The purpose of this group is to focus on operational issues such as delivery or settlement problems. This matter relates to a practice in which customers in the foreign exchange market send letters to dealing firms that include restrictions on the authority of individuals to undertake trade or post-trade activities on their company’s behalf. The first publication. In 2004. A link to these documents can be found on the CFEC website (www. In May. Management of Operational Risk in Foreign Exchange. Recommendations for Nondealer Participants. The second publication. recommends 60 best practices for financial institutions to use as a resource or checklist for when they regularly evaluate their policies and procedures to manage operational risk. Market Statistics 2007 Triennial Survey Preliminary work has been completed on the next triennial central bank survey of foreign exchange and derivatives market activity that will be conducted during the month of April 2007 for turnover data and as of June 30. is a condensed version of the 60 best practices that is geared towards nondealer participants who. In particular. The template and guidelines for the survey have been distributed to the participating banks. business continuity planning. SWIFT messaging issues.ca) under Announcements. work was undertaken with the Bank for International Settlements and other participating countries to refine the reporting guidelines and clarify reporting procedures. the Canadian OMWG endorsed two best practices documents that were published by the New York Foreign Exchange Committee. A list of the members can be found on page 9. 5 . A more detailed letter has been issued by the New York Foreign Exchange Committee on this practice. Two members of the Canadian OMWG also attend the meetings of the New York OMWG. The Canadian letter (attached) indicates where the more detailed FEC letter can be found on the CFEC website. This practice is viewed as a unilateral attempt by customers to shift the burden of enforcing compliance with their own internal policies and procedures to the dealing counterparty.cfec. could benefit from the recommendations. confirmation procedures and best practices.Operations Managers Working Group The Operations Managers Working Group (OMWG) was established in 2003 and held its inaugural meeting in September of that year. while perhaps not as active in foreign exchange. the CFEC and the OMWG wrote a letter to foreign exchange market participants that addressed the issuance of authorization letters. increased straight through processing and electronic confirmations etc. 2007 for amounts outstanding. and is not seen as being consistent with best practices in the foreign exchange market.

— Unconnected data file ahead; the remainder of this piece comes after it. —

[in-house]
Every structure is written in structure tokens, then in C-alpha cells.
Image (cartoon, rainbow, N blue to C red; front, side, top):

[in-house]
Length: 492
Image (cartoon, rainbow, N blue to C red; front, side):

it has a new table on the method of execution for foreign exchange trades. Tokyo and Singapore. the CFEC agreed to co-sponsor an updated master agreement known as the International Foreign Exchange and Currency Option (IFXCO) Master Agreement. equity and commodity derivatives. the British Bankers’ Association and the Tokyo Foreign Exchange Market Practices Committee. but their volume accounts for most of the market. along with the above-noted committees. and different counterparty definitions similar to those in the triennial survey. IFEMA and ICOM Master Agreements Over the last few years the CFEC has. It is jointly released with several other countries. The data collected covers foreign exchange. 6 . In general. the new report is similar in nature to. the BIS triennial survey. the CFEC. The Canadian semi-annual data are made available on the CFEC’s website (www. and consolidated amounts outstanding were collected for the first time as of 30 June 1998 and have been collected every six months thereafter. The October 2006 data have been appended to this Report. This was originally a proposal of the Euro-currency Standing Committee of the BIS and was approved by the governors of the central banks of the G10 countries in January 1997. including New York. obtained legal opinions as to the enforceability and validity of the netting provisions of the updated IFEMA. CFEC Semi-annual Foreign Exchange Volume Survey In October 2005. The new semi-annual survey is more comprehensive in that it includes other currency pairs in addition to US$/Can$. in conjunction with the Foreign Exchange Committee of New York. the International Currency Options Market Master Agreement (ICOM).ca) a few months after the survey. and credit default swaps.Regular Derivatives Market Statistics Statistics on derivatives markets from approximately 60 major global dealers in the Group of 10 (G10) countries are collected regularly. It includes only the larger participants in the Canadian foreign exchange market.cfec. IFXCO. interest rate. In 1997. As well. Three Canadian financial institutions are participating in this reporting. An update on the legal opinion is obtained each year. London. have adopted similar surveys. ICOM and FEOMA Master Agreements in various jurisdictions including Canada. the daily/weekly report to the Bank of Canada on foreign exchange volumes was replaced by a semi-annual survey (during the months of October and April). and the International Foreign Exchange and Options Master Agreement (FEOMA). The BIS issues a press release with the aggregated global summary results of this survey after each reporting date. In 2004. A number of other jurisdictions. but not directly comparable with. sponsored work on three Master Agreements: the International Foreign Exchange Master Agreement (IFEMA).